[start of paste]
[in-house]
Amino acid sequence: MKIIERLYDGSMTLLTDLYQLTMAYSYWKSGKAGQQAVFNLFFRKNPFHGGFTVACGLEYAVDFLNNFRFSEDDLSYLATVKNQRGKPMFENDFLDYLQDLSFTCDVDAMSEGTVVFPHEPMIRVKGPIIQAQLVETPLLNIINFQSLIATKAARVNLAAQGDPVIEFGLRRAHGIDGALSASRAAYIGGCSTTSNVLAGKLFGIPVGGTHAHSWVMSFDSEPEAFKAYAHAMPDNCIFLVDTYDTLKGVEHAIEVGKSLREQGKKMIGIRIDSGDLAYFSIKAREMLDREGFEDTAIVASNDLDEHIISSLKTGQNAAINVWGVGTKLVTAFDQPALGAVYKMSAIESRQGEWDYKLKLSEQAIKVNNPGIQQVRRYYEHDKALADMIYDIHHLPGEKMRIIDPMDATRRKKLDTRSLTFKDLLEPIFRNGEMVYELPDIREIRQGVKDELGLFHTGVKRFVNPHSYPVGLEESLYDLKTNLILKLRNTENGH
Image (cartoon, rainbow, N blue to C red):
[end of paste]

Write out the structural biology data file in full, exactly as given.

[in-house]
Amino acid sequence: MKIIERLYDGSMTLLTDLYQLTMAYSYWKSGKAGQQAVFNLFFRKNPFHGGFTVACGLEYAVDFLNNFRFSEDDLSYLATVKNQRGKPMFENDFLDYLQDLSFTCDVDAMSEGTVVFPHEPMIRVKGPIIQAQLVETPLLNIINFQSLIATKAARVNLAAQGDPVIEFGLRRAHGIDGALSASRAAYIGGCSTTSNVLAGKLFGIPVGGTHAHSWVMSFDSEPEAFKAYAHAMPDNCIFLVDTYDTLKGVEHAIEVGKSLREQGKKMIGIRIDSGDLAYFSIKAREMLDREGFEDTAIVASNDLDEHIISSLKTGQNAAINVWGVGTKLVTAFDQPALGAVYKMSAIESRQGEWDYKLKLSEQAIKVNNPGIQQVRRYYEHDKALADMIYDIHHLPGEKMRIIDPMDATRRKKLDTRSLTFKDLLEPIFRNGEMVYELPDIREIRQGVKDELGLFHTGVKRFVNPHSYPVGLEESLYDLKTNLILKLRNTENGH
Image (cartoon, rainbow, N blue to C red):